ALBERTON – The last of three Boeing 737 fuselages that slid down a steep embankment to the Clark Fork River in a train wreck last Thursday has been retrieved.
Lynda Frost, spokeswoman for Montana Rail Link, the company responsible for the recovery, said the commercial jetliner body that had been partially submerged in the Clark Fork River downstream from the Fish Creek interchange in Mineral County was hoisted up to track level by noon Wednesday.
The first was removed Sunday in a lengthy process that closed MRL tracks until 7 p.m. The second was cleared by 4 p.m. Monday, Frost said.
For the most part, rafters and kayakers on the lower stretch of the Alberton Gorge were able to float by throughout the recovery efforts.
In all 19 cars derailed in the wreck on the afternoon before Independence Day. They included six that carried 737 fuselages and others carrying parts for a Boeing 747 and a 777. The jet parts were en route from a fabricating plant in Wichita, Kansas, to final assembly plants in the Seattle area – in Renton for the 737s and Everett for the 747 jumbo jets and 777s.
A statement from Boeing on Monday said there was minimal damage to the latter parts but a team of experts on the scene was assessing damage to the fuselages. The three on the river bank had visible scrapes and, in at least one case, a break in the upper shell.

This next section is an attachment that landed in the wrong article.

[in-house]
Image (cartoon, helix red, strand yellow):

A Boeing spokesman said Tuesday the company isn’t likely to have a comment for several days.
According to Steve Wilhelm of the Puget Sound Business Journal, the team will have some tough choices to make on the body shells.
“The question is not if it can be repaired, it’s a matter of how much money do you want to spend on it,” the president of an aerospace analyst company in San Diego told Wilhelm. “Since they are brand-new fuselages, and probably bare, the economic consideration may be tending more toward repair; that’s a possibility.”
The 737s are Boeing’s smallest and most popular commercial aircraft, and the company bumped up production earlier this year to 42 a month. According to the company website, the planes ranged in price from $76 million to $109.9 million in 2013, depending on the model.
An industry analyst in 2009 told the Seattle Post-Intelligencer “nobody pays list price and the discount is normally at least 15 percent.”